A 45-year-old Augusta man with an extensive criminal history of sexual assault and violence against women was sentenced June 20 to 55 years in prison.

A Knox County jury had previously found Bradley W. Lemay guilty of gross sexual assault, criminal threatening with a dangerous weapon, eluding an officer, attempted escape, and tampering with a victim.

Justice Jeffrey Hjelm handed down the sentence for the crimes in Knox County Superior Court after hearing arguments from both the state and Lemay’s defense attorney about the appropriate sentence.

In addition to the 55-year sentence for gross sexual assault, Hjelm gave Lemay concurrent maximum sentences for all of the other crimes, which amounted to 10 years for tampering with a victim, five years for criminal threatening with a dangerous weapon, one year for attempted escape, and five years for eluding an officer.

Before he starts serving that sentence, he must first complete the five-year sentence he is currently serving for other crimes. That sentence had previously been suspended, but the suspension was revoked when he was found to have violated probation by committing new crimes.

Assistant District Attorney Christopher Fernald described Lemay as a serial rapist, and said he has shown a complete lack of remorse for his crimes.

Lemay was convicted of entering a woman’s home and raping her at knifepoint over a four-hour period.

Fernald had asked for a sentence of 76 years in prison, arguing that Lemay’s extensive history of rape and violence made it necessary for the state to keep him in prison to protect the public and provide deterrence against such crimes. In addition, he argued Lemay was no longer a candidate for probation or rehabilitation.

Lemay’s criminal history started with a conviction of rape and burglary in 1983 when he was a juvenile. He served two years in the youth center for those crimes, Fernald said. In 1986, when he had only been out of the youth center a short time, he was convicted of threatening a woman in her basement with a knife. She got away, but Fernald argued Lemay likely intended to rape her. By 1989 he had been convicted again of gross sexual assault.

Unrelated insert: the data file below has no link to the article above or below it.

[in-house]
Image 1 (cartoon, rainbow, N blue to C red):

He served more than 20 years in prison, and committed this new crime shortly after being released.

In a letter to the court, his victim stated that she no longer feels safe and cannot concentrate on her work. “In a way, much of my world has collapsed,” Fernald said, reading from her letter. Hjelm also mentioned information from her letter, noting that as a result of the crimes committed against her, she has withdrawn from her social world.

Fernald argued the trial traumatized her all over again, because Lemay has never taken responsibility.

Fernald pushed for consecutive sentences on all of the convictions against Lemay.

Hjelm noted some technical reasons why, under the law, it did not make sense to have consecutive sentences rather than concurrent ones. For one thing, he said that since the gross sexual assault conviction allowed for any sentence of any length, he did not need to stack sentences on each other. In addition, he stated that while Lemay has been convicted of multiple crimes, there are standards for how connected to each other those crimes need to be to impose consecutive sentences.

However, the justice noted that the sentence would be consecutive with the five-year sentence Lemay is already serving.

Defense attorney Christopher MacLean argued that 76 years was a very heavy sentence, more in fact than was typical for murder convictions.

He also argued there were mitigating factors, saying Lemay was gainfully employed and enjoyed the support of his family. Hjelm rejected those arguments, stating that Lemay used his employment to gain access to his victim.

The defense also noted that Lemay has had an unfortunate life spent mostly in institutions. Hjelm said Lemay’s sad life was remote in time at this point, and his time in institutions was the result of his choices.

The tampering in the case came when Lemay wrote a letter to his brother asking him to threaten the victim. In the letter, he said to tell her people are watching her and she better not do anything stupid or she would get hurt, Hjelm said, reading from the letter. Lemay told his brother to make the threat seem real and to say the police wouldn’t be able to protect her all the time.

Lemay’s brother turned the letter over to the authorities.